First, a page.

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THE AISLE SEAT - by Mike McGranaghan


Whenever a studio doesn’t screen a movie for critics in advance, I try to run out and see it on opening day, then post a review as quickly as possible. You, the reader, have a right to at least get an idea of how good or bad a film is before you pay your hard-earned cash to see it. Now, I’ve been doing this for years, and I’ve come to accept that most of these pictures are pretty bad. After all, there’s a reason the studios are hiding them from us. But once in a while, I actually hold out some hope for quality. Strange Wilderness was one of those occasions. The film stars a lot of people who usually make me laugh: Steve Zahn, Superbad’s Jonah Hill, Accepted’s Justin Long, “Curb Your Enthusiasm” star Jeff Garlin, and Broken Lizard member Kevin Heffernan.

That’s a lot of funny people getting together to make one unspeakably bad movie.

Zahn plays Peter Gaulke, the host of a poorly-produced, low-rated wildlife show. His late father was apparently one of the greats in the nature documentary field, but Peter has not been able to successfully take over the show. A network big shot (Garlin) tells him that the program is being pulled off the airwaves. Shortly thereafter, Peter is approached by an old friend who possesses a map and photographic evidence that Bigfoot exists. Figuring he can get back on the airwaves if he scores a coup, Peter gathers up his motley camera crew and heads into the wilderness to find the mythical Sasquatch.

Unfortunately, the others are perpetual screw-ups and, for that matter, walking clichés. They include a stoner (Long), a ladies undergarment-wearing hick (Hill), an “animal handler” (Heffernan), and a generic hot girl (Ashley Scott) for the guys to lust after. Their quest to find Bigfoot leads them not to adventure but to one dull, uninspired genitalia joke after another. Seriously, if I had a dime for every penis joke in this movie, I could buy the whole multiplex. The comedic low point involves one character getting bitten on his member by a turkey. Oh, how my sides hurt with laughter.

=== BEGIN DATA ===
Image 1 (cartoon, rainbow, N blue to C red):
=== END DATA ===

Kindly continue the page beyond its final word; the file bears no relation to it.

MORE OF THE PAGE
There’s a funny comedy to be made spoofing shows like “Wild Kingdom” and “The Crocodile Hunter.” It’s somewhat astounding, then, that Strange Wilderness doesn’t even try. Watching Steve Zahn and Jonah Hill tussle with wild animals ought to be a laugh riot; why, then, are there no actual scenes where the characters come face-to-face with any creatures?

Big chunks of Strange Wilderness are spent showing grainy stock footage of animals while Zahn’s character provides silly voiceover narration. That’s actually not a bad idea for a short comedy show sketch, but it feels like filler in a motion picture. One gets the very strong impression that Strange Wilderness came into being because some friends sat around getting high, watching Animal Planet with the sound turned down, and creating their own only-funny-if-you’re-wasted commentary.

The film was produced by Adam Sandler’s Happy Madison production comedy, and its cast includes Allen Covert and Peter Dante, the stars of another lame HM comedy, Grandma’s Boys. Covert and Dante are two guys who aren’t funny, can’t act, and only get to be in movies because they’re friends with Adam Sandler. (It’s no surprise that you never see them outside a Sandler-produced film.) The director is Fred Wolf, another Sandler crony who also penned Joe Dirt and Dickie Roberts: Former Child Star. (His resume makes the current writers strike seem like a good thing.) Wolf’s co-writer is, get this, Peter Gaulke. That’s right – the film’s writer gave the main character his own name. That might be funny to the Happy Madison gang, but it holds no humor whatsoever for us in the audience.

In addition to all that, I noticed a lot of weird continuity errors that suggest one of two things: either no one cared about coherence, or the film was edited by a maniac. Consider the scene where we learn that Long’s stoner character has had eyeballs tattooed on his eyelids so that he will look like he’s awake, even when he’s asleep. In the very next scene – and for the remainder of the film – the tattoos are gone. So what, did he have spontaneous laser removal surgery? Maybe it sounds like I’m nitpicking here, but this is the kind of thing you start thinking about when the movie unspooling in front of you holds no appeal whatsoever.

Let’s wrap this sucker up, shall we? I’ll put things in perspective based on the Happy Madison body of work. Strange Wilderness is so wretched that it makes The Benchwarmers look like Bull Durham, Grandma’s Boy look like The Graduate, and Deuce Bigalow: Male Gigolo look like Midnight Cowboy.

( out of four)

Strange Wilderness is rated R for non-stop language, drug use, crude and sexual humor. The running time is 1 hour and 27 minutes.

To learn more about this film, check out Strange Wilderness

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